In a Statehouse interview with The Associated Press, Beshear said the attention he paid to the everyday challenges facing voters helped propel him to victory.
“They’re anxieties that people worry about at the end of the night – whether they’re making enough money to support their kids, whether their kids are getting the type of education that will give them a better, brighter future, whether they can afford to take their families to a doctor when they’re sick,” he said.
Beshear and his running mate, Lt. Gov.-elect Jacqueline Coleman, overcame a strong GOP tide in Kentucky to win. Republicans won the other statewide offices in the Nov. 5 election. Bevin’s combative style, including his feud with teachers over pension and education policies, contributed to the GOP governor’s downfall.
National Democrats hailed Beshear’s victory, along with Louisiana Gov. John Bel Edwards’ reelection in Louisiana, heading into the 2020 presidential election. President Donald Trump campaigned for their GOP opponents with 11th-hour appearances in both states.
But Beshear studiously avoided being drawn into the national political fray, restraining his comments on the prospect of presidential impeachment and other matters during the campaign. Bevin campaigned with a series of nationally prominent Republicans, led by Trump and Vice President Mike Pence, and tried linking Beshear to liberal national Democrats – a common GOP tactic in conservative-leaning Kentucky.
Beshear, the state’s attorney general and the son of a former governor, cited his detachment from national politics as another reason he was elected.
“I believe that the people of Kentucky and in other parts of the United States are desperate for someone that’s focused on them and not the 24-hour cable news cycle that continues in Washington, D.C.,” he said Friday.
“I believe that we have wandered sometimes further and further away from the day-to-day needs of our people. ... Running on things that a governor can actually do to help the people of Kentucky is one of the main reasons that I’m sitting where I am now.”
Beshear has said he will prioritize public education, health care, job and income growth and public pension protection as governor.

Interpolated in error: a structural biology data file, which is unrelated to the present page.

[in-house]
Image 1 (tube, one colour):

Beshear strongly supports the federal Affordable Care Act and the Medicaid expansion put into place in Kentucky by his father – former two-term Gov. Steve Beshear, who preceded Bevin in office.
Steve Beshear used an executive order to increase the state’s Medicaid rolls by more than 400,000 people to include coverage for able-bodied adults. Medicaid is a joint federal and state health care program for the poor and disabled.
Bevin tried to require some “able-bodied” Medicaid recipients to get a job, go to school or volunteer to keep their benefits but was blocked by a federal judge. Bevin’s administration filed an appeal, but Andy Beshear has vowed to rescind the proposed work requirement, saying it would deprive tens of thousands of people of health coverage and hurt rural hospitals.
Asked about the “Medicare for All” proposals being touted by some Democratic presidential candidates, Andy Beshear said Friday that it “can mean a hundred different things in a hundred different ways.”
“What I believe is that every Kentuckian needs access to affordable, accessible health care,” he said. “And I believe that the private sector often provides that type of health care.”
Beshear waged a nearly four-year feud with Bevin that dominated Kentucky politics. As attorney general, Beshear challenged a series of Bevin’s executive actions. In the highest-profile case, Beshear filed a lawsuit that led Kentucky’s Supreme Court to strike down a Bevin-supported pension law.
Beshear on Friday decried political divisions in Kentucky and across the country, and said he wants to help set a new tone that avoids bitter rancor.
“Governing may be combative sometimes but it doesn’t have to be miserable, and that’s what we’ve seen,” he said. “Let’s get to a point where we can agree and move forward where we agree, but that we can civilly disagree and it doesn’t stop us from doing that next important thing.”